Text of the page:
Arthritis Biosimilar

FDA OKs First in a New Generation of Knee Cartilage Repair

The Food and Drug Administration (FDA) recently approved a new product to repair damaged knee cartilage using cells from the patient’s own knee. The product, called Matrix Associated Chondrocyte Implantation (MACI), is approved for use in people younger than age 55 who have what are known as “focal chondral defects,” which can be a precursor to knee osteoarthritis (OA). Experts say, while MACI is not for use in people with knee OA, it does provide a new treatment option to prevent OA from developing in a particular group of patients.

Focal chondral defects are cartilage lesions that often occur in younger people and usually are related to some type of injury, explains John Hardin, MD, professor emeritus in the department of orthopedic surgery at Albert Einstein College of Medicine, in the Bronx, NY.

“A small region of cartilage is crushed and falls apart, and you’re left with this bare, denuded bone that’s very painful,” Dr. Hardin says. “There has not been a good, satisfactory, reasonably reliable way to manage these cartilage defects. So something that advances the treatment is a really welcomed thing.”

Focal Chondral Defects Are Like Potholes

Focal chondral defects can be considered an early stage of osteoarthritis, says Christian Lattermann, MD, director of cartilage repair and restoration at University of Kentucky Health Care in Lexington and a consultant for Vericel, the company that developed MACI. However, not everyone who has OA started out with a focal chondral defect. “There is a flowing continuum of joint disease that [can] start with an early injury… then gradually progresses toward focal chondral defects, then continues on to changes on X-ray that constitute formal osteoarthritis,” he explains.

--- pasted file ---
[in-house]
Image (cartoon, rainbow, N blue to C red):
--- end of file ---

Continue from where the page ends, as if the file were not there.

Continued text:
MACI is a third-generation cartilage repair technology. It’s preceded by autologous chondrocyte implantation (ACI), which has been around since 1997, and before that by microfracture, which has been around since the 1980s. Dr. Latterman has been performing ACI for years and worked with Vericel as it developed the MACI technology. During testing, they learned that MACI should not be used in people with end-stage knee OA because it will not likely have satisfactory results in the mid or long term.

Farshid Guilak, PhD, an expert in the field of regenerative medicine for osteoarthritis, explains it this way: “Imagine a road and you have a pothole in the road. That’s what MACI is good for. But with OA you need to repave the entire road, because everything is degenerated. The joint as an organ is diseased – the synovium is inflamed and cartilage is affected everywhere in the joint.” Guilak, co-director of the Washington University Center of Regenerative Medicine in St. Louis, Missouri, was not involved in the development of MACI.

How MACI Works